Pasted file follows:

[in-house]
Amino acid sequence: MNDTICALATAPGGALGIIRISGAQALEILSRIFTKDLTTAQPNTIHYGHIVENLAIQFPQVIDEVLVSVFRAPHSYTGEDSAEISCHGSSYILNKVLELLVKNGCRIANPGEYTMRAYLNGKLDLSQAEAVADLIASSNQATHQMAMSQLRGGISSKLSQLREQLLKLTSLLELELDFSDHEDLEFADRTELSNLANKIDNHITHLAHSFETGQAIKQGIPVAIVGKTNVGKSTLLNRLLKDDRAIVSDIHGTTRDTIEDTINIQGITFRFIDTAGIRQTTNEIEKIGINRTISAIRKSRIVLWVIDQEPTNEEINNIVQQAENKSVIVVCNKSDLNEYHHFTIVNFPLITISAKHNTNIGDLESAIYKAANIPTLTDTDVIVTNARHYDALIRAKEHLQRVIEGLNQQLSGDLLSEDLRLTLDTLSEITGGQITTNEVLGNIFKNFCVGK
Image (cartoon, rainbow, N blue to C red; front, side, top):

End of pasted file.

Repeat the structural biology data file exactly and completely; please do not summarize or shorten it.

[in-house]
Amino acid sequence: MNDTICALATAPGGALGIIRISGAQALEILSRIFTKDLTTAQPNTIHYGHIVENLAIQFPQVIDEVLVSVFRAPHSYTGEDSAEISCHGSSYILNKVLELLVKNGCRIANPGEYTMRAYLNGKLDLSQAEAVADLIASSNQATHQMAMSQLRGGISSKLSQLREQLLKLTSLLELELDFSDHEDLEFADRTELSNLANKIDNHITHLAHSFETGQAIKQGIPVAIVGKTNVGKSTLLNRLLKDDRAIVSDIHGTTRDTIEDTINIQGITFRFIDTAGIRQTTNEIEKIGINRTISAIRKSRIVLWVIDQEPTNEEINNIVQQAENKSVIVVCNKSDLNEYHHFTIVNFPLITISAKHNTNIGDLESAIYKAANIPTLTDTDVIVTNARHYDALIRAKEHLQRVIEGLNQQLSGDLLSEDLRLTLDTLSEITGGQITTNEVLGNIFKNFCVGK
Image (cartoon, rainbow, N blue to C red; front, side, top):